Disco managed-services infrastructure lets us (a) deliver consistently better performance than installed solutions; (b) tightly integrate our hardware with our software; (c) update software instantly, so you are always working with the latest technology; (d) use the best dedicated hardware — like enterprise-grade solid-state storage — money can buy; and (e) automatically scale the infrastructure up or down for you as the amount of data you have in Disco changes.

You keep your browser up to date; we handle everything else.

Look for the engineers

How do you tell whether a company is really a technology company? Look for the engineers.

Real technology companies have engineering departments, not engineers attached to other functional departments. Real technology companies list engineers and engineering leadership at the top of their “team” pages, not at the bottom. When you walk the halls in a real technology company, you see engineers with private offices and all the equipment they need. When you ask technical questions or have technical escalations, real technology companies can get the engineer who wrote the code on the phone and can push bug fixes or new features immediately. Real technology companies value and respect engineers; real technology companies have engineers at their core.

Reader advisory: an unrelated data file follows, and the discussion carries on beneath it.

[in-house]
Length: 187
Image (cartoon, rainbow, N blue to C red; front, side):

The ediscovery market is full of companies who claim to be technology companies and advertise their product offerings. But most of the time their products are cobbled together integrations of bits and pieces from here and there; a viewer from one place, duplicate detection and threading from somewhere else, analytics from a third company, and so on. The websites of places like this emphasize sales or services; these are sales or services companies, not technology companies. They are not where you go if what you are after is the very best technology — especially if you want not just the best technology now, but the best technology always.

Our core strengths at Disco are engineering and law. These are the strengths you need to build great legal technology. What’s surprising is not that you find them at Disco, but how rare they are in our industry.